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McConnell not certain there will be a fifth coronavirus package

Senate Majority Leader Mitch McConnellAddison (Mitch) Mitchell McConnellBiden leans on Obama-era appointees on climate Kentucky Republican committee rejects resolution urging McConnell to condemn Trump impeachment Calls grow for 9/11-style panel to probe Capitol attack MORE (R-Ky.) on Monday cast doubt on whether negotiators would be able to break the impasse on a fifth coronavirus package, though he said that he thinks there needs to be another bill.

"We do need another bill and I'm hoping that this impasse will end soon. ...[But] I can't tell you yet here today whether there's going to be additional relief for health care providers," McConnell said at an event in Kentucky.

"I'm hoping what we're talking about today is not that last tranche that we will make, but as of the moment, today, I can't tell you with certainty we're going to reach an agreement," he said, adding that the talks had been "further complicated" by the November elections.

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McConnell's remarks come after negotiations between the Trump administration and congressional Democrats derailed earlier this month amid deep policy and political differences.

Republicans have lined up behind aid totaling roughly $1 trillion, while the House passed a more than $3 trillion package in May. As part of the talks, Speaker Nancy PelosiNancy PelosiSunday shows preview: All eyes on Biden administration to tackle coronavirus Calls grow for 9/11-style panel to probe Capitol attack Do Democrats really want unity? MORE (D-Calif.) and Senate Minority Leader Charles SchumerChuck SchumerCapitol insurrection fallout: A PATRIOT Act 2.0? Schumer calls for DOJ watchdog to probe alleged Trump effort to oust acting AG Student loan forgiveness would be windfall for dentists, doctors and lawyers MORE (D-N.Y.) offered to drop their price tag by $1 trillion if Republicans agreed to add $1 trillion to their top line.

"We are miles apart in our values," Pelosi told reporters last Thursday.

"Perhaps you mistook them for somebody who gave a damn," she added, referring to Republicans. "That isn't the case. This is very far apart."

Asked when her next talk would be with Treasury Secretary Steven MnuchinSteven MnuchinPence delivers coronavirus task force report to Biden Treasury imposes additional sanctions on Cuba over allegations of 'serious human rights abuse' Treasury Department sanctions inner circle of Russian agent Derkach for election interference MORE and White House chief of staff Mark MeadowsMark MeadowsThe Hill's 12:30 Report: Sights and sounds from Inauguration Day Trump leaves White House, promises to be back in 'some form' LIVE INAUGURATION COVERAGE: Biden signs executive orders; press secretary holds first briefing MORE, Pelosi responded: "I don't know. When they come in with $2 trillion."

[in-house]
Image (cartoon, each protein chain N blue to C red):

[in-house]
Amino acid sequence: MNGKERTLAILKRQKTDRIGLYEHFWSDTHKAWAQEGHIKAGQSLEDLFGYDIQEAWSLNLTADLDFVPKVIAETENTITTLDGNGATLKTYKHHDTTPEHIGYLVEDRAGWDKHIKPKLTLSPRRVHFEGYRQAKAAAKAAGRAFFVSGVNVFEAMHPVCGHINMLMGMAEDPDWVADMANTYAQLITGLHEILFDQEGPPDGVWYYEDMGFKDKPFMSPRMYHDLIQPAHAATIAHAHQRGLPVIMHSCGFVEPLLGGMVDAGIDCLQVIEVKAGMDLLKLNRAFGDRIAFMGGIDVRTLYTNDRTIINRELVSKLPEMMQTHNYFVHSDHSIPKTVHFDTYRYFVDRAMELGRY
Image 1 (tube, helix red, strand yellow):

That strategy would then require Democrats and the administration to hash out a top line between $2 trillion and roughly $2.5 trillion.

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Mnuchin and Meadows, however, rejected the offer.

McConnell said on Monday that a $2.5 trillion bill would be "difficult to justify."

The Kentucky Republican also gave no indication that he is preparing to bring the chamber back early from its three-week August break, even as the House will return this week for legislation to block changes to the U.S. Postal Service ahead of the presidential election.

He said "nothing was lost" by allowing members to go back to their home states, since most aren't directly involved in the negotiations. 

"The House hasn't been around most of the time and the talks are occurring between the top leaders. ... There was no point in keeping them there, we were not voting on other matters," McConnell said.

Mnuchin and Meadows are briefing Senate Republicans daily.